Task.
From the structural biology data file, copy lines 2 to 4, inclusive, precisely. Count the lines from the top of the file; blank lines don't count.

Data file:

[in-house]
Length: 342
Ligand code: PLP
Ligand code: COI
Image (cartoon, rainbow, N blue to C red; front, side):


Length: 342
Ligand code: PLP
Ligand code: COI